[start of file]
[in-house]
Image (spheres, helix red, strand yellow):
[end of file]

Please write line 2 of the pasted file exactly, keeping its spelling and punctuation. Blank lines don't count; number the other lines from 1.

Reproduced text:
Image (spheres, helix red, strand yellow):